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Major interesting details about one of Nigeria’s most remembered leader, Murtala Mohammed

One of Nigeria’s most remembered leaders, 37-year-old Murtala Muhammed, was killed on February 13, 39 years ago, in an abortive coup attempt led by Lt. Col Buka Suka Dimka.

Many years have passed, but the nation still remembers its great leader.

President Goodluck Jonathan via his Facebook page spoke about Murtala:

“This week marks the 39th anniversary of the death of that great Nigerian hero, Murtala Mohammed, who gave his life for this great nation. In his lifetime he espoused the belief that Nigeria had come of age and is ready to play her rightful role as the leader of the Black Race and a hub for progressive government on the African continent. Thankfully, Nigeria has immortalized Murtala’s legacy in books and monuments and will continue to do so such that our youth can learn from his life of purpose and commitment to higher ideals. May his soul continue to rest in peace and may God continue to comfort his family as a grateful nation remembers his sacrifice.”


For many Nigerians, getting to know Murtala Mohammed was from the green, crispy N20 naira note, which had its face inscribed on it, and really clear-headed stories told by parents. We gathered for some must-know facts you need to know about hero of Nigeria’s nation.


1. Born on a Tuesday, the 8th of November, 1938, in the Kurawa Quarters of Kano State to Risqua Muhammed and Uwani Ramatu, he had 7 siblings (one girl and seven boys) and he was the second child.

2. On the 26th January, 1952, he was admitted as student number 941 as the school itself was founded in 1909. He was one of the ten students from Kano and finished in 1957. One of his classmates was the late General Mohammed Shuwa shot dead at his home by gunmen in Maiduguri in November 2012. Shuwa was one of the prominent figures during the Nigerian Civil War and later a leading figure in Murtala’s government. Gowon also attended the same college.

3. He attended Regular Officers Special Training School , ROSTS (Teshie, Ghana), now Ghana Military Academy where he was taught as a 2nd Lieutenant infantry tactics and military laws by the late Odumegwu Ojukwu. Obasanjo and Gowon also attended ROSTS.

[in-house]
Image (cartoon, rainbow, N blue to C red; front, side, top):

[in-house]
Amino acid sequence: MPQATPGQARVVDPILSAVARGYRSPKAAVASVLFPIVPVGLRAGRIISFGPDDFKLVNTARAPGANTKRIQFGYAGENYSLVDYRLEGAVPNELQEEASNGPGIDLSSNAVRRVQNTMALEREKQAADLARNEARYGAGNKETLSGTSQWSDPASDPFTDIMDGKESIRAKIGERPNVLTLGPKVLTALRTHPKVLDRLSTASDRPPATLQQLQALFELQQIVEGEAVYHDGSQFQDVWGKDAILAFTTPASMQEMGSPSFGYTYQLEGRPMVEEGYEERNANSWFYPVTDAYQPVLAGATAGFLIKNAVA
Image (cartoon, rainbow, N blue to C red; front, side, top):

4. Murtala might be a strong-headed soldier but he was an amazing family man. In 2006, his Yoruba wife (with partly Fulani roots), Mrs. Hafsat Ajoke Muhammed recollects the fond memories: “At home and at work, my husband was one and the same person. His behaviour at work and home were the same. He was a firm person, upright and had a great sense of humour.”

5. He was introduced to his wife by his cousin. They fell in love, hit it off, and when they met in Kaduna later, he proposed to her and they got married in Kaduna in 1963 after her studies, the same year he became a Captain. Their marriage was a blissful and peaceful one. In 1965, the marriage was blessed with a cheeky baby girl who later attended the Queen’s College, Yaba, Lagos.

6. At the time when Murtala was killed, his daughter, Zalihatu was just two years old, and Jumai was just a baby.

7. When Murtala was killed and the news was relayed to his wife, she broke down and wept for her dear husband.

8. Today, Mrs. Ajoke Muhammed is ageing gracefully, is widely respected for her charitable activities and calm demeanor. Even as a First Lady, she was not unnecessarily flamboyant. Her marriage was blessed with six children: Aishat, Fatimah, Zakari, Risqua Abba, Zalihatu, Jumai (she was just a baby, less than a year old when her father was killed). The daughters are now married.

9. By the end of 1964, Murtala was already a temporary Major (known as a T/Major).

10. The Nigerian Civil War (1967-1970) lasted for thirty blood-soaked months and one of the principal actors of that sad phase of Nigerian history was Murtala.

11. On the evening of the 30th of July 1975, Murtala made his maiden speech to the nation as the Head of State and Commander-in-Chief of the Armed Forces

12. He set up a panel headed by Justice Ayo Irikefe on the creation of seven more states (Niger, Bauchi, Gongola, Benue, Ogun, Imo and Bendel) to the 12 existing ones on 22nd December, 1975. The panel came up with a report which was utilized in the formation of new states in 1976.

13. Murtala was a blunt, outspoken and consummate risk taker. A soldier who ironically had no regard for the chain of command, he was in a class of his own when it came to dangerous exploits. A no-nonsense person, Murtala was known for his legendary outbursts of terrifying anger.


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